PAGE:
From formal lecturing to skills building – better training for future judges and prosecutors in Moldova

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What makes a good judge or a good prosecutor? It might be just a rhetorical question in legal philosophy, unless you have a very practical task of preparing real judges and prosecutors for real life work. The task becomes even more difficult if you have to do it in a country in transition with no previous traditions of having well developed specialized trainings for legal professionals.

To become a judge or a prosecutor in the Republic of Moldova, in most cases you shall undergo one-and-a-half-years initial training at the Moldovan National Institute of Justice (NIJ). It was created in 2007 primarily to provide practical training to future judges and prosecutors. However, until recently, the Institute mostly followed traditional old type university lecturing as its main training method, despite the fact that all trainees at the Institute already had a graduate degree in law.

Both trainees and actual judges and prosecutors kept saying that they needed more practical training based on studying specific practical problems and developing skills rather than just sitting in the classroom and listening to the lecturer.

In 2015 UNDP partnered with NIJ to change the training approaches.

“You are the first to listen to us!”

And we started with simple discussions with management and tutors of the Institute (the obvious), but also with the trainees (the addition). We listened carefully to them and brainstormed together, having even crazy ideas, for example, inviting professional actors to play different roles during simulations putting participants in unexpected situations. But then it did not look crazy anymore.

At some point the trainees said: “You are the first people to actually listen to our opinions!”

Focusing on skills

So, how to bring about the so much needed changes?

The work started with identifying practical skills and competences that each trainee should acquire. These should be the goals to achieve by the end of the training. Knowledge of the substantial law is important. But equally important for future judges and prosecutors are practical skills, like communication, conflict management, case management, legal reasoning, working with evidence and many others which are not properly taught at law schools in Moldova.

After a number of consultations it was decided to design complex simulation modules that would combine teaching of those skills with substantial legal issues and problems that future judges and prosecutors should know. The difference from traditional moot courts will be that these simulation modules will include all major procedures and elements of civil and criminal cases.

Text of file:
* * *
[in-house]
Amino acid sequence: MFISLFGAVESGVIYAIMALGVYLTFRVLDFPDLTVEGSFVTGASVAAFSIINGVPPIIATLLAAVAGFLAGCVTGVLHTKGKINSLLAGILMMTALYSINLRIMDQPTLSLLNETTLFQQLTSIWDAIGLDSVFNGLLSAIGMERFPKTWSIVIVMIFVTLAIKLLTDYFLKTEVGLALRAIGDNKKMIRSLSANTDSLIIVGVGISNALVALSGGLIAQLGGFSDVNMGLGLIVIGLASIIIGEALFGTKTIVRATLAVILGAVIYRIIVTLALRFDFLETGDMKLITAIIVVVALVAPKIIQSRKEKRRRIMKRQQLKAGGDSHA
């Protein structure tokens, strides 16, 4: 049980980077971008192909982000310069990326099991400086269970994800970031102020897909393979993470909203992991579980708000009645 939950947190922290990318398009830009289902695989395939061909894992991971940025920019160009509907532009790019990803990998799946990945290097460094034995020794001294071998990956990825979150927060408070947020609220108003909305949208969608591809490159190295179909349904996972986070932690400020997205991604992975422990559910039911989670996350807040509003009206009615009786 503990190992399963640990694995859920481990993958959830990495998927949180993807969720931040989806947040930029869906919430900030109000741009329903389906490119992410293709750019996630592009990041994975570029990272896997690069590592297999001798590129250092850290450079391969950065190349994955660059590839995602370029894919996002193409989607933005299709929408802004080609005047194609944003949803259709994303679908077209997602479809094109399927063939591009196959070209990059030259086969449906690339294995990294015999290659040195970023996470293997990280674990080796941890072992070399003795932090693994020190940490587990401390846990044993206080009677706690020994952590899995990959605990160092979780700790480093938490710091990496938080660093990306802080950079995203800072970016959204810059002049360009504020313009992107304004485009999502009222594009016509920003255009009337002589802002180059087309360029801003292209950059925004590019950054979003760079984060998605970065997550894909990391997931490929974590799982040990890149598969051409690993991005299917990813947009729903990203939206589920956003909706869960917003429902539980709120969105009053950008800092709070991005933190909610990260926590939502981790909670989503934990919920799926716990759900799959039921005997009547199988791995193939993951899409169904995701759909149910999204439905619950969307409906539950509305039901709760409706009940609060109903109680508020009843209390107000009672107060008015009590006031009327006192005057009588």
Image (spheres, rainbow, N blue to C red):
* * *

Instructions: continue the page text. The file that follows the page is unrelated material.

What about human rights?

An important element of all simulations will be introducing human rights issues into the training modules. The survey conducted in the end of 2015 among the Institute’s trainees and a number of actual legal professionals showed that, though generally accepting the importance of human rights, they did not always see their practical value.

Being asked* whether human rights belong to books and theory and not to real life, a significant number of NIJ’s trainees (out of 47 trainees surveyed) agreed with this statement:

1- strongly disagree and 10 – strongly agree

To deal with this problem various mini-scenarios should be introduced into bigger problems that would focus on specific human rights issues and would teach the trainees how to deal with them in practice.

New challenges and future opportunities

Certainly, new approaches will raise demands to trainees who will have to do much greater volume of preparatory work. Most of the previous theory learning will move from classroom lecturing to self-study. Instead, they should have more panel discussions with their tutors on existing practical problems. The new methodology will also bring new challenges for the tutors of the Institute who will have to learn new teaching techniques and communication skills. However, contrary to the initially expected resilience from their part, most of them actually embraced the new ideas.

The reform envisaged at the National Institute of Justice is still in progress. There are still lots of things to be done in order to bring about the effective changes. However, if this reform proves successful, it can later be adopted by other institutions in Moldova. The changes in legal education and the way how future lawyers are taught are vital for the ongoing justice system reform in the country. And if the National Institute of Justice manages to develop and implement new efficient training methods, these can be later used by law schools in Moldova.

* See: “Evaluation of the Curriculum of the National Institute of Justice of Moldova”; Final Report by Dr Kanstantsin Dzehtsiarou, MA, PhD, 2016.

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